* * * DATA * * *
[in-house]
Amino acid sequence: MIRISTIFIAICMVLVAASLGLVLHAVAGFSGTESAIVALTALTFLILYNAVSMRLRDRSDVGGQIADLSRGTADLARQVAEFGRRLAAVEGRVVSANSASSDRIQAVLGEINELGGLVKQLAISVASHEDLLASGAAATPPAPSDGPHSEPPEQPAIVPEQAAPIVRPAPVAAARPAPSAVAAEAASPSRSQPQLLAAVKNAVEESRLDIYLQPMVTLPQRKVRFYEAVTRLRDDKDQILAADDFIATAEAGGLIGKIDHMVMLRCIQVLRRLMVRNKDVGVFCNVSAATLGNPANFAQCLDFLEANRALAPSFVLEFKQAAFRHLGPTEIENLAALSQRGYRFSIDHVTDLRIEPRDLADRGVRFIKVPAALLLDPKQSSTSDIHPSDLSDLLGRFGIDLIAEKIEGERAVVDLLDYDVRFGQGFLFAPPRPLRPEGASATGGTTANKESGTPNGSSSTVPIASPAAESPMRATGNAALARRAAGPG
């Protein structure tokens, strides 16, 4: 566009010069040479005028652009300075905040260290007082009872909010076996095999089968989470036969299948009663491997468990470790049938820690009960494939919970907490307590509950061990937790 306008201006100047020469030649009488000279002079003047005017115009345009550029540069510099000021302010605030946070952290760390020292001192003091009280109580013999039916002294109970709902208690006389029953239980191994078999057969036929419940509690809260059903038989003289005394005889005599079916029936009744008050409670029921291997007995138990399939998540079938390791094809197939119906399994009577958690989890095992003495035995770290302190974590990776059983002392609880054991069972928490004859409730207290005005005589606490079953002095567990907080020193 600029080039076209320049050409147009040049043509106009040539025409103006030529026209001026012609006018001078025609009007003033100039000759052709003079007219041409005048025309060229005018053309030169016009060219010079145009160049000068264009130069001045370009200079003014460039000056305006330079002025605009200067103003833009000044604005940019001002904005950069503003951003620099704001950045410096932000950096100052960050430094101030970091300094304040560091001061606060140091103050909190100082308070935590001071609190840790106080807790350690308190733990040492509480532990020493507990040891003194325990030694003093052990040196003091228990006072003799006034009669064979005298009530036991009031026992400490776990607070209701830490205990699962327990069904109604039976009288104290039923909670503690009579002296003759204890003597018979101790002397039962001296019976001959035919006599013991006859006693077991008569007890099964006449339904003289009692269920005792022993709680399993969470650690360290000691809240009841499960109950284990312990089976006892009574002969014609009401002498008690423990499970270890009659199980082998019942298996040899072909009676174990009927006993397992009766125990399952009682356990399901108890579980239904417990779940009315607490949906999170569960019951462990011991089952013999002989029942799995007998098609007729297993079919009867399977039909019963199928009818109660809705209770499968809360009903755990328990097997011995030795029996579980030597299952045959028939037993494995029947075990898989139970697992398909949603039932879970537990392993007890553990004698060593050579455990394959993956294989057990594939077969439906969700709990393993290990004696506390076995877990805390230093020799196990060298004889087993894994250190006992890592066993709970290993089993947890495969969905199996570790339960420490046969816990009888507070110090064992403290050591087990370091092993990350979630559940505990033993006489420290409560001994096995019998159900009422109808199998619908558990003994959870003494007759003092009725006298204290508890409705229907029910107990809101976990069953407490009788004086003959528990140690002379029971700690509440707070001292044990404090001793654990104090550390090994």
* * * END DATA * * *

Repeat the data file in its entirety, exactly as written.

[in-house]
Amino acid sequence: MIRISTIFIAICMVLVAASLGLVLHAVAGFSGTESAIVALTALTFLILYNAVSMRLRDRSDVGGQIADLSRGTADLARQVAEFGRRLAAVEGRVVSANSASSDRIQAVLGEINELGGLVKQLAISVASHEDLLASGAAATPPAPSDGPHSEPPEQPAIVPEQAAPIVRPAPVAAARPAPSAVAAEAASPSRSQPQLLAAVKNAVEESRLDIYLQPMVTLPQRKVRFYEAVTRLRDDKDQILAADDFIATAEAGGLIGKIDHMVMLRCIQVLRRLMVRNKDVGVFCNVSAATLGNPANFAQCLDFLEANRALAPSFVLEFKQAAFRHLGPTEIENLAALSQRGYRFSIDHVTDLRIEPRDLADRGVRFIKVPAALLLDPKQSSTSDIHPSDLSDLLGRFGIDLIAEKIEGERAVVDLLDYDVRFGQGFLFAPPRPLRPEGASATGGTTANKESGTPNGSSSTVPIASPAAESPMRATGNAALARRAAGPG
């Protein structure tokens, strides 16, 4: 566009010069040479005028652009300075905040260290007082009872909010076996095999089968989470036969299948009663491997468990470790049938820690009960494939919970907490307590509950061990937790 306008201006100047020469030649009488000279002079003047005017115009345009550029540069510099000021302010605030946070952290760390020292001192003091009280109580013999039916002294109970709902208690006389029953239980191994078999057969036929419940509690809260059903038989003289005394005889005599079916029936009744008050409670029921291997007995138990399939998540079938390791094809197939119906399994009577958690989890095992003495035995770290302190974590990776059983002392609880054991069972928490004859409730207290005005005589606490079953002095567990907080020193 600029080039076209320049050409147009040049043509106009040539025409103006030529026209001026012609006018001078025609009007003033100039000759052709003079007219041409005048025309060229005018053309030169016009060219010079145009160049000068264009130069001045370009200079003014460039000056305006330079002025605009200067103003833009000044604005940019001002904005950069503003951003620099704001950045410096932000950096100052960050430094101030970091300094304040560091001061606060140091103050909190100082308070935590001071609190840790106080807790350690308190733990040492509480532990020493507990040891003194325990030694003093052990040196003091228990006072003799006034009669064979005298009530036991009031026992400490776990607070209701830490205990699962327990069904109604039976009288104290039923909670503690009579002296003759204890003597018979101790002397039962001296019976001959035919006599013991006859006693077991008569007890099964006449339904003289009692269920005792022993709680399993969470650690360290000691809240009841499960109950284990312990089976006892009574002969014609009401002498008690423990499970270890009659199980082998019942298996040899072909009676174990009927006993397992009766125990399952009682356990399901108890579980239904417990779940009315607490949906999170569960019951462990011991089952013999002989029942799995007998098609007729297993079919009867399977039909019963199928009818109660809705209770499968809360009903755990328990097997011995030795029996579980030597299952045959028939037993494995029947075990898989139970697992398909949603039932879970537990392993007890553990004698060593050579455990394959993956294989057990594939077969439906969700709990393993290990004696506390076995877990805390230093020799196990060298004889087993894994250190006992890592066993709970290993089993947890495969969905199996570790339960420490046969816990009888507070110090064992403290050591087990370091092993990350979630559940505990033993006489420290409560001994096995019998159900009422109808199998619908558990003994959870003494007759003092009725006298204290508890409705229907029910107990809101976990069953407490009788004086003959528990140690002379029971700690509440707070001292044990404090001793654990104090550390090994």